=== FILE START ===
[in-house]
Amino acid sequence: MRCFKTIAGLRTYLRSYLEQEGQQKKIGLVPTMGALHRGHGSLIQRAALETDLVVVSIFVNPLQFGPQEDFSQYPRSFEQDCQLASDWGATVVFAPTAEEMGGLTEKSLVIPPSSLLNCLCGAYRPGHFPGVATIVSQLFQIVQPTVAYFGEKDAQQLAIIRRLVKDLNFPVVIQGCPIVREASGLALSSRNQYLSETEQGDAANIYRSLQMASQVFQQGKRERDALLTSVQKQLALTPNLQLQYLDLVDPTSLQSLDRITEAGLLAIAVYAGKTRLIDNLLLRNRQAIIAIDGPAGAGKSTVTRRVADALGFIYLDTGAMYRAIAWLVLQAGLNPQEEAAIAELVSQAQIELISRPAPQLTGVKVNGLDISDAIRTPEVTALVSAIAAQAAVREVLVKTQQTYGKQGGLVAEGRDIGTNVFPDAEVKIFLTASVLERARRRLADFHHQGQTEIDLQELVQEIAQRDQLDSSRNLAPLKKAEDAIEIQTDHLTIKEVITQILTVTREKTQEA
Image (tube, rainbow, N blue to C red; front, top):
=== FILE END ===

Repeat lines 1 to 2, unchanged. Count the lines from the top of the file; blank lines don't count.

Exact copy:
[in-house]
Amino acid sequence: MRCFKTIAGLRTYLRSYLEQEGQQKKIGLVPTMGALHRGHGSLIQRAALETDLVVVSIFVNPLQFGPQEDFSQYPRSFEQDCQLASDWGATVVFAPTAEEMGGLTEKSLVIPPSSLLNCLCGAYRPGHFPGVATIVSQLFQIVQPTVAYFGEKDAQQLAIIRRLVKDLNFPVVIQGCPIVREASGLALSSRNQYLSETEQGDAANIYRSLQMASQVFQQGKRERDALLTSVQKQLALTPNLQLQYLDLVDPTSLQSLDRITEAGLLAIAVYAGKTRLIDNLLLRNRQAIIAIDGPAGAGKSTVTRRVADALGFIYLDTGAMYRAIAWLVLQAGLNPQEEAAIAELVSQAQIELISRPAPQLTGVKVNGLDISDAIRTPEVTALVSAIAAQAAVREVLVKTQQTYGKQGGLVAEGRDIGTNVFPDAEVKIFLTASVLERARRRLADFHHQGQTEIDLQELVQEIAQRDQLDSSRNLAPLKKAEDAIEIQTDHLTIKEVITQILTVTREKTQEA